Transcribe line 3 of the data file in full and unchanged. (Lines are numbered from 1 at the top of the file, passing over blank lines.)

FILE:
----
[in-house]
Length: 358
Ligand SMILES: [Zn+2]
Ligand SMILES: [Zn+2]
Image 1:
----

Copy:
Ligand SMILES: [Zn+2]